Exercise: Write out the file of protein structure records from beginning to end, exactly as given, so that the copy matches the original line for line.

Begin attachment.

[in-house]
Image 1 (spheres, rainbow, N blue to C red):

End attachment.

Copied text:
[in-house]
Image 1 (spheres, rainbow, N blue to C red):